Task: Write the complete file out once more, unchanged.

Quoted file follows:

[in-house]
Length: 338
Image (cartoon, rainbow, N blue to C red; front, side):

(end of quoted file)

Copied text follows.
[in-house]
Length: 338
Image (cartoon, rainbow, N blue to C red; front, side):